Seoul Philharmonic wows with Cho and Tortelier
Fortunately for Korean audiences, the Seoul Philharmonic Orchestra’s performance last Friday was firmly on the terrific end of the spectrum, thanks to conductor Yan Pascal Tortelier and the famous young Korean pianist Cho Seong-jin.
The performance was part of the orchestra’s ongoing 2016 Hana Classic Series II.
Tortelier, a distinguished French conductor, will be leading the Iceland Symphony Orchestra as its chief conductor from September. Cho, on the other hand, shot to fame after winning the 17th International Chopin Competition last October.
In the first half of the performance, which took place at the Seoul Arts Center, Cho played Chopin’s Piano Concerto No.1 in E Minor, Op.11, which was the same piece he used for the final round of the competition. His reprisal of the piece contributed to the concert selling out by late last year.
The piano concerto is one of two by Chopin, and it reflects the passion he had as a young composer.
Cho did justice to that passion, approaching the piece with an earnestness and ardor that was reflected in his exquisite treatment of each and every note.
His skill was particularly evident during the second movement, famous for its romantic and dreamlike atmosphere, which was nothing short of transporting.
After he finished, the young pianist was greeted with a loud round of applause, which he answered with an encore.
Cho previously performed the concerto with the Seoul Philharmonic Orchestra in 2009, under conductor Chung Myung-whun.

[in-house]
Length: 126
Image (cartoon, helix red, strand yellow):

The second half of the concert, a performance of Tchaikovsky’s Symphony No. 4 in F minor, Op. 36, was a showcase for conductor Tortelier.
He skillfully maximized each movement’s distinctive color, and seemed to conduct less with the baton than his entire body - jumping, swinging arms and swaying to the music.
The imposing first movement starts with wind instruments, from horn to trombone. Tortelier built it to a climax that called to mind a massive wave crashing over a ship in a dark, stormy sea.
He led the second movement to calmer, distinctly melancholic waters.
In a change of pace, the third movement was made surprisingly comical due to the use of pizzicato, the technique by which string instruments are plucked rather than played by bow.
The movement also demonstrated the orchestra’s skill, as each musician had to play precisely to ensure that the sharpness of the notes blended and flowed. In one of the most notably complex sections, the pizzicato of a double bass flowed into that of a cello, viola and then violin.
The final movement features a soaring melody that Tortelier brought to forceful climax, providing a powerful and fitting end to both the symphony and the evening. BY KIM HYE-JUN [firstname.lastname@example.org]